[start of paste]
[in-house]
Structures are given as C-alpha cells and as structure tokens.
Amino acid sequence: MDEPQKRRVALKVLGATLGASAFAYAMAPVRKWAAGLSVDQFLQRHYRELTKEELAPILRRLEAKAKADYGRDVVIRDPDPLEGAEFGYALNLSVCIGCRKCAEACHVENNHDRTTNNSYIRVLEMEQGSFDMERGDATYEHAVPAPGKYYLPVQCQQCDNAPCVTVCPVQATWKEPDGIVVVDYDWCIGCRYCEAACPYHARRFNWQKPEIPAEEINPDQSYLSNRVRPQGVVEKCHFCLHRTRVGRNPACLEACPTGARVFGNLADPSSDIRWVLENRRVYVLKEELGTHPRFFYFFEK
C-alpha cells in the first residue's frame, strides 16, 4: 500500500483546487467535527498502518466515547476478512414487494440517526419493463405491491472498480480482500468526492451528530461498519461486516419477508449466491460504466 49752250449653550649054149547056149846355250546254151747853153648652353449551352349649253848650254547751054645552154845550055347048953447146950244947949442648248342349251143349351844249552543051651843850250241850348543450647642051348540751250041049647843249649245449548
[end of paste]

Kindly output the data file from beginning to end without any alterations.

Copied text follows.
[in-house]
Structures are given as C-alpha cells and as structure tokens.
Amino acid sequence: MDEPQKRRVALKVLGATLGASAFAYAMAPVRKWAAGLSVDQFLQRHYRELTKEELAPILRRLEAKAKADYGRDVVIRDPDPLEGAEFGYALNLSVCIGCRKCAEACHVENNHDRTTNNSYIRVLEMEQGSFDMERGDATYEHAVPAPGKYYLPVQCQQCDNAPCVTVCPVQATWKEPDGIVVVDYDWCIGCRYCEAACPYHARRFNWQKPEIPAEEINPDQSYLSNRVRPQGVVEKCHFCLHRTRVGRNPACLEACPTGARVFGNLADPSSDIRWVLENRRVYVLKEELGTHPRFFYFFEK
C-alpha cells in the first residue's frame, strides 16, 4: 500500500483546487467535527498502518466515547476478512414487494440517526419493463405491491472498480480482500468526492451528530461498519461486516419477508449466491460504466 49752250449653550649054149547056149846355250546254151747853153648652353449551352349649253848650254547751054645552154845550055347048953447146950244947949442648248342349251143349351844249552543051651843850250241850348543450647642051348540751250041049647843249649245449548